Published: July 13, 2011
Updated: July 13, 2011
By Emily Mitchell
If you have blue, green, or gray eyes, you may have noticed yourself squinting into the sunlight more than your brown-eyed counterparts or needing a respite from the fluorescent lights at work. You may wonder if it’s all in your head -- or is there truth to the rumor that people with light eyes are more sensitive to sunlight?
According to Duke ophthalmologist Anupama Horne, MD, the answer is yes -- your baby blues are indeed likely contributing to your squinting and discomfort under bright lights.
Horne explains that photophobia -- the term used to describe light sensitivity -- typically affects people with light eyes because they have less pigmentation in multiple layers of the eye than those with darker eyes. Because of this, they are unable to block out the effects of harsh lights like sunlight and fluorescent lights.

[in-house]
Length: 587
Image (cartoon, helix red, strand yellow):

Horne is careful to note that photophobia refers to light sensitivity, but does not refer to actual permanent loss of vision.
Photophobia may cause a person to have difficulty seeing or focusing in bright lights, or even cause pain around the eyes. So, squinting or rubbing your eyes often when you are in harsh light may be a clear sign that you have some level of photophobia.
The good news is that photophobia resulting from light eye color is typically easy to remedy.
Simply avoiding prolonged time spent in harsh lighting or bright lights or wearing UV-blocking sunglasses and wide-brimmed hats when outside should alleviate symptoms associated with light sensitivity.
If you’ve taken the necessary steps to diminish light sensitivity but still find it hard to see or experience pain, it’s time to visit an eye care specialist.
Eye care specialists are trained to diagnose and treat any causes of light sensitivity that may be the result of disease, including abnormalities in the structure of the cornea, iris, conditions such as albinism, and other congenital or degenerative diseases of the retina.